Drying of coatings under an electron beam permits the use of methods for coating surfaces with varnishes and paints which are much more highly mechanized and even rendered automatic in the case of large numbers of objects having the same shapes and dimensions.

These methods are becoming increasingly attractive since they reduce labor cost, increase productivity and make it possible under certain conditions to carry out effective thickness control of dry coatings and to achieve an economy of varnish or paint. Such methods also permit processing in workshops equipped with devices for controlling environmental conditions (relative humidity, temperature, ventilation).

The varnishes can consist of macromolecular compounds, prepolymerized resins and/or the derivatives obtained as a result of modification of said varnishes by products having one or a number of olefinic unsaturations and/or radioactivatable groups.

The term "paint" is defined as a mixture consisting mainly of a colored or colorless binder and incorporating one or more pigmentary substances and/or mineral or organic fillers.

In the field of coatings having a base of epoxy resins, it is a known practice to make use of coatings having a base of epoxy resins which are modified by unsaturated acids in order to permit hardening under irradiation. In the methods of preparation of these resins, the --COOH groups of the acid react with the epoxy bridges ##STR1## These resins are mixed with one or a number of vinyl monomers and are applied in thin layers to the substrates to be coated and the mixture is dried by irradiation. The present invention is essentially intended to achieve a further improvement in the properties of resins of this type and especially to facilitate hardening under irradiation.

The invention proposes a coating compound which is hardenable under the action of ionizing radiations and essentially contains an epoxy resin which is modified by unsaturated carboxylic acids as a result of reaction of the COOH groups of the acids with the epoxy bridges of the resin and as a result of esterification of the hydroxyl groups of said resin.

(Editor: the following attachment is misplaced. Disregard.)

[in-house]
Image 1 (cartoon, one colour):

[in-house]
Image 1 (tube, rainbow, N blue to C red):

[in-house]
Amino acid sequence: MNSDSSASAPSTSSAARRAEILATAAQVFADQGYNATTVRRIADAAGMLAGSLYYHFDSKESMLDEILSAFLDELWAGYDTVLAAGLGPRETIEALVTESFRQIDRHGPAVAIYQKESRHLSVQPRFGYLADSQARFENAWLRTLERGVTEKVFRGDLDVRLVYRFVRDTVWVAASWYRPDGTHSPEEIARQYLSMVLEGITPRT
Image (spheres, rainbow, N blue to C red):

The invention also proposes a method of preparation of a coating compound which is hardenable under the action of ionizing radiations. Said method essentially comprises the preparation of an epoxy resin by reacting diphenylolpropane with epichlorohydrin and modification of said epoxy resin by unsaturated carboxylic acids both as a result of reaction of said acid with the epoxy bridges of the resin and as a result of esterification of the hydroxyl groups of the resin.

Esterification of the hydroxyl groups of the epoxy resin by the unsaturated alpha-beta carboxylic acids in accordance with the invention has the effect of increasing the unsaturation and therefore the reactivity of the resin.

Consideration being given by way of example to an epoxy resin which is obtained from diphenylolpropane and epichlorohydrin and with which methacrylic acid is reacted, the process can be presented schematically as follows: ##STR2##

According to a preferred embodiment of the invention, modified resins with a high degree of unsaturation, the number of olefinic double bonds being of the order of 0.1 to 0.3 per 100 g resin, can be obtained from an epoxy unmodified resin prepared by reacting epichlorohydrin and diphenylolpropane and showing a viscosity of approximately 25 to 100 poises at 25 C, and up to the solid state, by reacting said unmodified resin at a pH comprised between 2.5and 4.5 with an excess of methacrylic acid. The amount of methacrylic acid is notably 150 to 250 % of that stoechiometrically corresponding to the number of epoxy and hydroxyl groups in the resin. The temperature is preferably around 110 to 120 C to avoid homopolymerization.